BCRR founder Riggi gratified by ongoing Winter Series success

Rich Riggi started the Bucks County Roadrunners Club back in 1978 and continues to help with races to this day (Photo by Wayne Fish).
     To the casual observer, the gentleman overseeing the finish line of the first Winter Series race for the 2022-2023 season really didn’t have a look to suggest Bucks County Roadrunners Club royalty.
      But for those who go back a ways, and we mean a ways, they were well aware there would be no Winter Series – and most likely not even a BCRR – if not for Rich Riggi.
      It was way back in 1978 when Riggi, along with local track and cross-country coaches Cliff Robbins and Earl Jeffries, gathered at the Lower Bucks/Fairless Hills YMCA to start a local running club.
      Once that idea took hold, a proposed Winter Series at Tyler State Park was not far behind.
      What was once a schedule of races drawing around 30 or 40 runners has now evolved into events attracting 300 or 400.
      Riggi, a longtime Newtown resident, recently returned to BCRR to volunteer his services and who could say no to an offer like that?
      An excellent runner in his day, he and Robbins started their own timing company and handled a number of local races, including the Sesame Place Classic.
      So Rich looks right at home when runners come streaming across the finish line timing mat on the path adjacent to Neshaminy Creek.
      “When we first talked about the Series at the Y, the goal was to keep people active,’’ said Riggi as the last few runners came across the line at the Covered Bridge 5K on Sunday. “It was a way to cool off and recover from fall training and prepare for spring training.
      “Prior to coming to Bucks County, I worked with the Hartford (Ct.) Track Club and that’s where we got the idea. They had an informal winter running series. So I kind of borrowed some of their ideas.’’
      The late ‘70s saw the peak of the first American running boom. Here in Bucks County, numerous striders headed to Tyler for its hills, its scenery and its convenient location.
      “With the Series, we tried to get everyone involved,’’ Riggi said. “No matter how fast or slow, advanced or beginner. Just keep you active, keep you moving. And before you knew it, it was time for spring.’’
      Of course, everything connected with the Series involved volunteer work and that’s a standard which has been maintained to this day.
      If you participate in the Series and plan on competing for a year-end award, you must serve as a volunteer for at least one race.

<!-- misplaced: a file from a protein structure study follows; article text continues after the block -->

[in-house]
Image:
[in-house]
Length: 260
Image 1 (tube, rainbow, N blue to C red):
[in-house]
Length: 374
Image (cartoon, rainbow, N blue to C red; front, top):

“Part of the Series was help with a race,’’ Riggi said. “Volunteer for a race, learn about a race because when the club could do bigger events, you knew how to work and help a race. That was also part of the club, to be active.
      “Some of the people just wanted to run a race, fine, but the purpose of the club was to get involved, be a part of the club.’’
      The spirit of that concept lives on today.
      “Like if you were injured, you could come down and help,’’ Riggi said. “Then you had some more social camaraderie with everybody.’’
      Current Winter Series director John O’Brien appreciates what Riggi brings back in this modern era. Things have gone from timing by popsicle sticks to computers and timing chips.
      “He (Riggi) has come back to help out with the Series and with the Thanksgiving race, so it’s been great,’’ O’Brien noted.
      Johnny King-Marino, president of BCRR, acknowledges what veteran club members such as Riggi have meant to the club as it approaches nearly a half-century of existence.
      “It can’t happen without everyone chipping in,’’ he said. “Every person here who belongs to the club jumps in and helps out – whether they’re making oatmeal or just standing on the corner pointing people in the right direction.’’
      Sharon and Skip Schabacker have been participating in the Series for 27 years and they say it’s as much about the social interaction as it is the running.
      “We do it for the camaraderie,’’ she said. “It’s about friends, the fresh air. I just met a new runner who came out today and she’s happy she did. This is a wonderful turnout.’’
      They can all thank Mr. Riggi and his pals for this wonderful idea. It’s an ongoing testament to what running can mean beyond just putting one foot in front of the other.
      Race calendar
      Bucks County Roadrunners Club Winter Series Jingle Bell 5.3-Miler, 9 a.m., Tyler State Park, Newtown-Richboro. Contact www.bcrrclub.com
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About Wayne Fish 2446 Articles
Wayne Fish has been covering the Flyers since 1976, a stint which includes 18 Stanley Cup Finals, four Winter Olympics and numerous other international events.